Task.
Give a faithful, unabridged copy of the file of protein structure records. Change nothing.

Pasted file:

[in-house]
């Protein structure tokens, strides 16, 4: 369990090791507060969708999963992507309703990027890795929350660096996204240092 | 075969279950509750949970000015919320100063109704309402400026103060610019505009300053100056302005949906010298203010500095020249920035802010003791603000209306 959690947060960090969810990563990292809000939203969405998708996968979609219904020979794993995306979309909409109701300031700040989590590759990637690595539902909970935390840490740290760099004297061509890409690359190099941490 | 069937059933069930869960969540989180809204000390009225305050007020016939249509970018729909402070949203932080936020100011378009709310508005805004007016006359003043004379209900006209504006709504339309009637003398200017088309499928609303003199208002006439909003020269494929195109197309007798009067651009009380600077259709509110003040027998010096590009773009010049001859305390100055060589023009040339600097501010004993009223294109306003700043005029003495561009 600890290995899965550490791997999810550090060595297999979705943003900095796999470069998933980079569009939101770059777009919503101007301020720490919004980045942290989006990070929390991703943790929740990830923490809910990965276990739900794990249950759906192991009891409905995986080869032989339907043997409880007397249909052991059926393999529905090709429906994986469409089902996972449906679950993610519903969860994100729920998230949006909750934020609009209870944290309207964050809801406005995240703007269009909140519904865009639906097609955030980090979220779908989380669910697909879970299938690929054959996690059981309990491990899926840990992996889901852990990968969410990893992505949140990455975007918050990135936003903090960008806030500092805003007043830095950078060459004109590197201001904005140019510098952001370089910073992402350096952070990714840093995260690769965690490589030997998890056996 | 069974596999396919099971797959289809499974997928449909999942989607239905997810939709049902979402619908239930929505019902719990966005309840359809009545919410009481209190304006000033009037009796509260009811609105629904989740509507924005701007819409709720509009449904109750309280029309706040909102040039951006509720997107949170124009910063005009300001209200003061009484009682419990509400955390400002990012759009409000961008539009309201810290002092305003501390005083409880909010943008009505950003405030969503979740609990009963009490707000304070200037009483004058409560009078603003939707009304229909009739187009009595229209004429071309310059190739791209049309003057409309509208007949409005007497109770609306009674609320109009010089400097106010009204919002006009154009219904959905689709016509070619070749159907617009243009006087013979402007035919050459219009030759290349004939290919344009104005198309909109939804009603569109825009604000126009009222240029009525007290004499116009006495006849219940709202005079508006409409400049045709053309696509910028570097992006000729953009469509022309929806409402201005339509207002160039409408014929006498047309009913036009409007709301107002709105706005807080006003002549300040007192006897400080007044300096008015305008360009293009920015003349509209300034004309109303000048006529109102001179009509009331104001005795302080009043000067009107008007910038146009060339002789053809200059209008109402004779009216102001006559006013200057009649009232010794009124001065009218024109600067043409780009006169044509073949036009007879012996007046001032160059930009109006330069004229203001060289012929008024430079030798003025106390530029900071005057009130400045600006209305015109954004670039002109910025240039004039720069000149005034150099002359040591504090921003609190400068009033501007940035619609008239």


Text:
[in-house]
């Protein structure tokens, strides 16, 4: 369990090791507060969708999963992507309703990027890795929350660096996204240092 | 075969279950509750949970000015919320100063109704309402400026103060610019505009300053100056302005949906010298203010500095020249920035802010003791603000209306 959690947060960090969810990563990292809000939203969405998708996968979609219904020979794993995306979309909409109701300031700040989590590759990637690595539902909970935390840490740290760099004297061509890409690359190099941490 | 069937059933069930869960969540989180809204000390009225305050007020016939249509970018729909402070949203932080936020100011378009709310508005805004007016006359003043004379209900006209504006709504339309009637003398200017088309499928609303003199208002006439909003020269494929195109197309007798009067651009009380600077259709509110003040027998010096590009773009010049001859305390100055060589023009040339600097501010004993009223294109306003700043005029003495561009 600890290995899965550490791997999810550090060595297999979705943003900095796999470069998933980079569009939101770059777009919503101007301020720490919004980045942290989006990070929390991703943790929740990830923490809910990965276990739900794990249950759906192991009891409905995986080869032989339907043997409880007397249909052991059926393999529905090709429906994986469409089902996972449906679950993610519903969860994100729920998230949006909750934020609009209870944290309207964050809801406005995240703007269009909140519904865009639906097609955030980090979220779908989380669910697909879970299938690929054959996690059981309990491990899926840990992996889901852990990968969410990893992505949140990455975007918050990135936003903090960008806030500092805003007043830095950078060459004109590197201001904005140019510098952001370089910073992402350096952070990714840093995260690769965690490589030997998890056996 | 069974596999396919099971797959289809499974997928449909999942989607239905997810939709049902979402619908239930929505019902719990966005309840359809009545919410009481209190304006000033009037009796509260009811609105629904989740509507924005701007819409709720509009449904109750309280029309706040909102040039951006509720997107949170124009910063005009300001209200003061009484009682419990509400955390400002990012759009409000961008539009309201810290002092305003501390005083409880909010943008009505950003405030969503979740609990009963009490707000304070200037009483004058409560009078603003939707009304229909009739187009009595229209004429071309310059190739791209049309003057409309509208007949409005007497109770609306009674609320109009010089400097106010009204919002006009154009219904959905689709016509070619070749159907617009243009006087013979402007035919050459219009030759290349004939290919344009104005198309909109939804009603569109825009604000126009009222240029009525007290004499116009006495006849219940709202005079508006409409400049045709053309696509910028570097992006000729953009469509022309929806409402201005339509207002160039409408014929006498047309009913036009409007709301107002709105706005807080006003002549300040007192006897400080007044300096008015305008360009293009920015003349509209300034004309109303000048006529109102001179009509009331104001005795302080009043000067009107008007910038146009060339002789053809200059209008109402004779009216102001006559006013200057009649009232010794009124001065009218024109600067043409780009006169044509073949036009007879012996007046001032160059930009109006330069004229203001060289012929008024430079030798003025106390530029900071005057009130400045600006209305015109954004670039002109910025240039004039720069000149005034150099002359040591504090921003609190400068009033501007940035619609008239």